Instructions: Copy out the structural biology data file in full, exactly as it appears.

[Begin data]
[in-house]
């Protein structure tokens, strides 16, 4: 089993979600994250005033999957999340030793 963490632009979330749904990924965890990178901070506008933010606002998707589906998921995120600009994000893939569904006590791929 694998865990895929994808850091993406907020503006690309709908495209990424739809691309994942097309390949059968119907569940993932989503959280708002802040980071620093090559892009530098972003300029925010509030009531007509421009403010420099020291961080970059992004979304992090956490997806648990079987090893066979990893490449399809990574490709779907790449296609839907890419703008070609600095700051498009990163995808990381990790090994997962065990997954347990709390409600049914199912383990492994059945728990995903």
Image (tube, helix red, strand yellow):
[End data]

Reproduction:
[in-house]
């Protein structure tokens, strides 16, 4: 089993979600994250005033999957999340030793 963490632009979330749904990924965890990178901070506008933010606002998707589906998921995120600009994000893939569904006590791929 694998865990895929994808850091993406907020503006690309709908495209990424739809691309994942097309390949059968119907569940993932989503959280708002802040980071620093090559892009530098972003300029925010509030009531007509421009403010420099020291961080970059992004979304992090956490997806648990079987090893066979990893490449399809990574490709779907790449296609839907890419703008070609600095700051498009990163995808990381990790090994997962065990997954347990709390409600049914199912383990492994059945728990995903």
Image (tube, helix red, strand yellow):